The report, which was published ahead of the Africa Climate Summit in Nairobi, found that children in 48 of the 49 African countries for which data is available are at “high” or “extremely high” risk from the extreme weather, illnesses, pollution, and environmental degradation caused by climate change. But they are receiving a fraction of the climate finance they need to adapt, survive, and respond to the crisis.

“Children living in the Central African Republic, Chad, Nigeria, Guinea, Somalia, and Guinea-Bissau are the most at risk,” UNICEF added. “The countries most at risk from climate change are also those with the weakest health, nutrition, and water, sanitation, and hygiene (WASH) services. This makes children in these countries even more vulnerable to the effects of climate change, as they are less able to access essential services such as safe drinking water, education, and protective services during extreme weather events.”

UNICEF estimates that one billion children around the world are at “extremely high” risk of suffering the effects of the climate crisis, which the organisation has called a “children’s rights crisis.

The report warns that failing to act now will not only make the immediate problems worse but will also make it harder to recover in the long run and will lead to greater social inequality and political instability.

Africa Climate Summit ends with a call for action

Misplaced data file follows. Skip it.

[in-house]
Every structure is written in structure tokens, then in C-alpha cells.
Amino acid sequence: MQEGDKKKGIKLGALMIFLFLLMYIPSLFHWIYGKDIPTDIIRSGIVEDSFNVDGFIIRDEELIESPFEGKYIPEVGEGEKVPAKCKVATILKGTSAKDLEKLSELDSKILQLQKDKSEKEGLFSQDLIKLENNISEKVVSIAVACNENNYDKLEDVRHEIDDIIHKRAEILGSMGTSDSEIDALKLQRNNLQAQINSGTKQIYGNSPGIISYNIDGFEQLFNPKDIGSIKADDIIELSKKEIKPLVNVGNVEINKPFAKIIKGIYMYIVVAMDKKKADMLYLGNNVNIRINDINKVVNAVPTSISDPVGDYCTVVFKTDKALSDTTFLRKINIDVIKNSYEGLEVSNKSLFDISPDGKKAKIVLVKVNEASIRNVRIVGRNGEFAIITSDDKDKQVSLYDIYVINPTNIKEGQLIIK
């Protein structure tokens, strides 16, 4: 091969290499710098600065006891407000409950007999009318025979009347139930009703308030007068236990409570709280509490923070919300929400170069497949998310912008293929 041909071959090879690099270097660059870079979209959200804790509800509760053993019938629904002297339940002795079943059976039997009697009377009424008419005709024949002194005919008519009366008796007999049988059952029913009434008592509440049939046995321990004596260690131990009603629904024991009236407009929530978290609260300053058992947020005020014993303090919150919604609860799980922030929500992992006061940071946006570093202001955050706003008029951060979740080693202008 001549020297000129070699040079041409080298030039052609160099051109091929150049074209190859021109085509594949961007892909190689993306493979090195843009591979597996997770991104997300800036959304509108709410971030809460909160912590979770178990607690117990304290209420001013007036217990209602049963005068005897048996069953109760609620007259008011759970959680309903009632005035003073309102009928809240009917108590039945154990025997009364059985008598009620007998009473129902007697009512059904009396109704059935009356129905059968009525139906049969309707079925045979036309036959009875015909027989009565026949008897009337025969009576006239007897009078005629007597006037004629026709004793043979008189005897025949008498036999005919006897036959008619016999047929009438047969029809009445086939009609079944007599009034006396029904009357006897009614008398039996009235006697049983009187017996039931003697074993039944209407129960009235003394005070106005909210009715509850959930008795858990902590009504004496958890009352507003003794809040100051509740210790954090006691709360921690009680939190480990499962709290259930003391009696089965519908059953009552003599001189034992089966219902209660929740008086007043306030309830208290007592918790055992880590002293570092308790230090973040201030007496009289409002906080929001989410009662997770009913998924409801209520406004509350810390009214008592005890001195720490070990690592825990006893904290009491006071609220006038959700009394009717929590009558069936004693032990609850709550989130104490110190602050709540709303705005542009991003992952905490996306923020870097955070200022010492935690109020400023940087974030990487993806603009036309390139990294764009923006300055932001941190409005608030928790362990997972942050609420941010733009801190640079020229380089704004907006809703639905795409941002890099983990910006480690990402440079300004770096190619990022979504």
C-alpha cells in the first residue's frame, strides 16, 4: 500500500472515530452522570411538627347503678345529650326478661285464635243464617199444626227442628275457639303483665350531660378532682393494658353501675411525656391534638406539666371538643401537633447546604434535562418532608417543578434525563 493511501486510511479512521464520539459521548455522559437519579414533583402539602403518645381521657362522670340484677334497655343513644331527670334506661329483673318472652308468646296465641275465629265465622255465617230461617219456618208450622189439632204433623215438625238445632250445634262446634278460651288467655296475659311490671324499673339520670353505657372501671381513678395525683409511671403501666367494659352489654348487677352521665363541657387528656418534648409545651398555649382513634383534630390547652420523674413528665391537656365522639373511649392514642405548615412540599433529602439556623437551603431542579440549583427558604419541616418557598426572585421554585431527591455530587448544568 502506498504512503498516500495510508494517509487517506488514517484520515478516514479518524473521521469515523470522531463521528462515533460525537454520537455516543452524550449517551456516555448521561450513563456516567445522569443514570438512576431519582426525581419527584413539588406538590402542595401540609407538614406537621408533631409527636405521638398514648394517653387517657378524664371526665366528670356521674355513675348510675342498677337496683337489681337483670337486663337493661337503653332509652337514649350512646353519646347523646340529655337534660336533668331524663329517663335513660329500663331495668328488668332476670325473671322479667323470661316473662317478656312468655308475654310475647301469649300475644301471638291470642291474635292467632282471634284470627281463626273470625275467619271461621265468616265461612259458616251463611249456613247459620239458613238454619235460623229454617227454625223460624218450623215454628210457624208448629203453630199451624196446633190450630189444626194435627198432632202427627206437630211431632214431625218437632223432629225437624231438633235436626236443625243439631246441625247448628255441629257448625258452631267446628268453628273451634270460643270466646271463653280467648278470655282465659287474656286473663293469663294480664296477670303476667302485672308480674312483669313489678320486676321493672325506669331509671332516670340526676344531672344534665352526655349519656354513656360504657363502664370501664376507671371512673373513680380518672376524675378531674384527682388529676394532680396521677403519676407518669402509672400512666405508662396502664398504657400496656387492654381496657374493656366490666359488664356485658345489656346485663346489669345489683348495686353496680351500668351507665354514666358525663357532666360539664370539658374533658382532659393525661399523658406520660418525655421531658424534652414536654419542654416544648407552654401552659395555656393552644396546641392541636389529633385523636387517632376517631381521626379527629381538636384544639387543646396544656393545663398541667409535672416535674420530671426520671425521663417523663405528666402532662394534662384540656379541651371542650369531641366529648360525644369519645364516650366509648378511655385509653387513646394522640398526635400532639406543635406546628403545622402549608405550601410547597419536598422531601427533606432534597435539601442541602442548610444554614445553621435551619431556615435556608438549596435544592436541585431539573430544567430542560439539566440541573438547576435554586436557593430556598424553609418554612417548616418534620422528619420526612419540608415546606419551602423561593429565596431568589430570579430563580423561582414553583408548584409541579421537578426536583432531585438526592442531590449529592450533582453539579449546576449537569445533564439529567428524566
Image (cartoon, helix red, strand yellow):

African leaders adopted a joint “Nairobi Declaration” at the close of the landmark Africa Climate Summit in Nairobi, Kenya. The declaration highlights Africa’s potential as a green powerhouse and calls on world leaders to support new global carbon taxes and financial reforms to help African countries. The declaration also calls for a reduced debt burden for African countries so that development is not at the expense of climate action. Africa is one of the most vulnerable continents to climate change, yet it receives only about 12% of the nearly U.S.$300 billion in annual financing it needs to cope.

Kenyan President William Ruto called on the global community to address the unjust nature of international development financial institutions and governance frameworks. He said that the international community must “exercise a level of imagination in governance and climate action that is commensurate with the imperative to overcome the immense existential challenges of our time.”

However, the declaration has received mixed reactions. Activists, members of civil society, energy, and health experts have criticised it for not being inclusive and radical enough, reports Down to Earth.  Nigerian activist Priscilla Achakpa, founder of the Nigeria-based Women Environmental Programme, denounced carbon markets as a “bogus solution” to climate change. She said that these markets would force developing countries to sacrifice their land and green spaces to offset pollution in wealthy countries.

A new report released by Power Shift Africa and partners on the sidelines of the summit dismissed Africa’s carbon markets initiative as a “wolf in sheep’s clothing.” The report details why Africa should not adopt carbon credits, arguing that they would benefit wealthy countries at the expense of African communities.